07 May 2014|
Category : Opinion
The Director-General of Disability Support Policies of the Ministry of Health, Social Services and Equality, Ignacio Tremiño, analyzes the ‘Support for socio-economic integration of persons with disabilities’ project led by the FIIAPP in Tunisia, of which he was the director on the Spanish side.
In January of 2012, just after I had started in my position as Director-General of Policies Supporting Persons with Disabilities, I encountered the launch of this project in Tunisia. From the first moment, it seemed like an opportunity for growth and expansion for both the professionals of the Directorate-General and myself. Managing to situate disability policies in the context of the first of the Arab Spring revolutions was a great challenge.
In the course of these nearly 28 months, Spain has contributed its over 30 years of experience in the development of a disability support system that has given us one of thehighest rates in Europe of inclusive education for children with disabilities, a model of occupational integration that, even in times of crisis like these, has not only maintained employment of this group but actually increased it. Above all, Spain contributed the dynamism and organizational capacity of a civil society that, through the CERMI and the ONCE Foundation, has made disability one of the most important and influential associative sectors with the closest collaboration with the Administration and State institutions in general.
So I believe that this project has enabled us to expand the influence of the Spain brand in the social context, something that also says a lot about us as a country and as a caring and committed society.
In my opinion, this project has allowed Tunisia to progress along a path started some time ago, but which is at the same time based on a focus on the rights of persons with disabilities and, for the first time, oriented towards strategic planning and coordination.
It should be remembered that Tunisia has been creating disability policies for some time; in fact, it has a law on attention to disability dating back to the 80s, similar to our old LISMI. In addition, Tunisia was one of the first countries to ratify the UN Convention on the Rights of Persons with Disabilities, and was the first to voluntarily undergo examination by the monitoring committee for this international treaty. On the other hand, Tunisia has quite an extensive network of assistance and, certainly, is exceptional in terms of its geographic region.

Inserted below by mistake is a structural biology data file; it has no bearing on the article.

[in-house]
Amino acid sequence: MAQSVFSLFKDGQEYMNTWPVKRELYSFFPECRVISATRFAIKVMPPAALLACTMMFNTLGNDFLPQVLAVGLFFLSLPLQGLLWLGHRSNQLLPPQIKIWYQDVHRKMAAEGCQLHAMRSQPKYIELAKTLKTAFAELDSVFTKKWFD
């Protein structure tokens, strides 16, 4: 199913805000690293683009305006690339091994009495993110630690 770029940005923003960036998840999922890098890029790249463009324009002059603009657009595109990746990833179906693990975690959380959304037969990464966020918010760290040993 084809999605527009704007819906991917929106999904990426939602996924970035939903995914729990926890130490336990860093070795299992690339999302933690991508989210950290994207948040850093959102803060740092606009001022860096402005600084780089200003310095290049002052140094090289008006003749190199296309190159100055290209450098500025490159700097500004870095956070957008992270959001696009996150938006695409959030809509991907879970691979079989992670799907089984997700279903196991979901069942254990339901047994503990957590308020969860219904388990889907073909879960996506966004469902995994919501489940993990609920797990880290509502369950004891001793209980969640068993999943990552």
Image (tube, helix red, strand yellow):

I believe that, in the first place, this project has allowed Tunisia to advance in an approach based on rights and the autonomy of persons with disabilities. In the second place, it has allowed it to take a step forward in its disability support system and start working on the issue of quality, planning and priorities. One example of these two dimensions can be found in the pilot projects carried out in schools and special education centres, promoting a truly inclusive education and providing possibilities for making equal opportunities for children with disabilities a concrete reality.
Lastly, I believe this project reached Tunisia at an excellent moment, just after the Revolution and the establishment of a democratic regime, as in this context it was possible to promote the collaboration between the State and civil society, between the administration and associations, and between the State and companies, in an environment of freedom. One example of this can be found in the activities for occupational integration we carried out which led to several agreements between the Tunisian employment service (ANETI) and various companies.
This project, besides collaborating in the reforms of disability policies being undertaken by Tunisia, has also had a direct impact on citizens, an aspect we were very careful with in order to increase visibility and support and commitment on the ground. Therefore, in addition to the pilot projects in the La Manouba province mentioned previously, which allowed us to work with 10 educational centres, there was field work with associations, companies and persons with disabilities which made it possible to guarantee employment to dozens of persons with disabilities in the private sector in six different regions. This, along with the holding of the first two recruitment drives for persons with disabilities, has changed the situation and job perspectives of persons with disabilities in Tunisia.
Undoubtedly there is still much to be done, but this project was another step on a road that is a great challenge for all countries and in which we have much to contribute and learn.
The views and opinions expressed in this blog are the sole responsibility of its author.